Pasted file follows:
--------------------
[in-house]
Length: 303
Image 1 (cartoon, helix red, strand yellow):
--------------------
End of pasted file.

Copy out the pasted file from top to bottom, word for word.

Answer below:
[in-house]
Length: 303
Image 1 (cartoon, helix red, strand yellow):